How Bad Bunny is building a brand empire


The Puerto Rican artist has expertly harnessed the power of music streaming and social media to become one of the most famous musicians on the planet. After partnering with companies like Gucci, Adidas and WWE, he’s wielding his fame to become a global brand.

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Bad Bunny, born Benito Antonio Martínez Ocasio, is a boundary-defying artist whose previous four studio albums have spanned hip-hop, reggaeton, Latin pop, Puerto Rican trap and Mexican country music.

At a recent concert the crowd embodies that vast spectrum: Hundreds are dressed in the white T-shirts and flat-brimmed blue caps from his recent song “Un Preview.” Others sport the cowboy hats from “Where She Goes.” Many simply wear bunny ears. 

“I listened to a lot of salsa on my dad’s side, lots of ballads and merengue on my mom’s side. But being a ’90s kid, reggaeton and rap too,” says Bad Bunny in an interview in his native Spanish. “There’s lots of artists from different genres, countries and times that I feel are within me.” 

If there’s one constant about Bad Bunny, who is 29, it’s that whatever he creates becomes a worldwide hit. Over the last three years, the alumnus of the 2019 Forbes 30 Under 30 list has been Spotify’s most-streamed artist, with 35.9 billion plays.

His YouTube channel has attracted more than 32 billion views—more than those of Justin Bieber, Ed Sheeran and, yes, Taylor Swift. He has won three Grammys and 11 Latin Grammys.

In April, he made history as the first Latin artist to headline the Coachella music festival. 

And he’s done it all while singing solely in Spanish.

“Spanish is part of me, it’s in my DNA,” he says. “I like speaking it wherever I go—not to force it on people, but because it’s who I am.” 

It has made him extremely wealthy. In 2022, Bad Bunny earned an estimated US$88 million (pretax) from world tours, billions of streams and high-profile brand deals with the likes of Adidas and Corona.

That performance was good enough for a debut in the No. 10 spot on Forbes’ Highest-Paid Entertainers list.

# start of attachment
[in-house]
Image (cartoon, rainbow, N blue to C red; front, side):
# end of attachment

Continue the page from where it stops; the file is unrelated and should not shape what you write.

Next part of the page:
“It’s not about the money all the time,” he says about how he picks partners. “It’s about how much I love the brand and how much they’re going to respect my creativity.” 

Back in the arena, the audience explodes as Bad Bunny descends from the ceiling, perched atop a Rolls-Royce Silver Shadow. 

At that recent show, the musician was wearing a fitted burgundy suit with a white button-down shirt open halfway. His face was covered in a mask reminiscent of Spider- Man’s, but black with glowing red eyes.

“I’m very shy about playing new songs that haven’t been released yet,” he says. He hits play on his iPhone, and the listening party for his album Nadie Sabe lo que va a Pasar Mañana (No One Knows What Will Happen Tomorrow) erupts. 

Despite not knowing any of the lyrics, the crowd screams and dances to the new tracks. Bad Bunny doesn’t sing, save for the two songs from the album that he released earlier in the year.

His face remains shrouded until after the clock hits midnight, whereupon he pulls off his mask to reveal his new buzz cut, which, like the new album, pays homage to the early trap-style music that first shot him to global fame. 

Bad Bunny is the archetype of a modern pop idol—a truly global artist who harnesses the vast reach of streaming services and social media to deliver what was once regional music to billions of listeners.

“He has a finger on the pulse of culture like no one else,” says Jeremy Erlich, Spotify’s head of music. “He’s dictating what culture becomes.”